Nomenclature: Rules for Naming Simple Acids and Oxyacids

How do you recognize that something is an acid? The acids that we will be concerned with naming are really just a special class of ionic compounds where the cation is always H+. By convention, cations are written first in ionic formulas. So if the formula has hydrogen written first, then this usually indicates that the hydrogen is an H+ cation and that the compound is an acid. When dissolved in water, acids produce H+ ions (also called protons, since removing the single electron from a neutral hydrogen atom leaves behind one proton). If the counterion (the anion) to H+ in the acid is a polyatomic ion that contains oxygen (like NO2- or PO43-), the acid is called an oxyacid and is named using the rules provided below. If the anion does not contain oxygen, as in the case of F- or the polyatomic ion CN-, then a different set of rules are used for naming the acid.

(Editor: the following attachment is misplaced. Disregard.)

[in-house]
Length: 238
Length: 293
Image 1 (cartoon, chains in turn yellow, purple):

Rules for Naming Oxyacids (anion contains the element oxygen):


Rules for Naming Acids that Do Not Contain Oxygen in the Anion:




Test your knowledge of nomenclature with the Nomenclature Assignment.